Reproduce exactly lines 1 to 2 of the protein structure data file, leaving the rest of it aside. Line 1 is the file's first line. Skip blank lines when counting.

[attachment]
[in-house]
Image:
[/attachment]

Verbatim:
[in-house]
Image: